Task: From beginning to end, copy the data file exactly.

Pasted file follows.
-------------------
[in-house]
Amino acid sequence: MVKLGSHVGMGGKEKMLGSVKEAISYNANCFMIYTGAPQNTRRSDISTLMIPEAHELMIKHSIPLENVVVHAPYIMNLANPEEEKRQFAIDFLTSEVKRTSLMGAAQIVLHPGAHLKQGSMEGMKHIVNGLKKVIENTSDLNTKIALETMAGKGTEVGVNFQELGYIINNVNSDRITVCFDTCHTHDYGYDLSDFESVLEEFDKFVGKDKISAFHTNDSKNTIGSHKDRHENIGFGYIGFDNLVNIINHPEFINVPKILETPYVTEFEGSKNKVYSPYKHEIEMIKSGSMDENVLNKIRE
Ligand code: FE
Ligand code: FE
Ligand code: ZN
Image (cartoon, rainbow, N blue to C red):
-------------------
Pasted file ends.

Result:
[in-house]
Amino acid sequence: MVKLGSHVGMGGKEKMLGSVKEAISYNANCFMIYTGAPQNTRRSDISTLMIPEAHELMIKHSIPLENVVVHAPYIMNLANPEEEKRQFAIDFLTSEVKRTSLMGAAQIVLHPGAHLKQGSMEGMKHIVNGLKKVIENTSDLNTKIALETMAGKGTEVGVNFQELGYIINNVNSDRITVCFDTCHTHDYGYDLSDFESVLEEFDKFVGKDKISAFHTNDSKNTIGSHKDRHENIGFGYIGFDNLVNIINHPEFINVPKILETPYVTEFEGSKNKVYSPYKHEIEMIKSGSMDENVLNKIRE
Ligand code: FE
Ligand code: FE
Ligand code: ZN
Image (cartoon, rainbow, N blue to C red):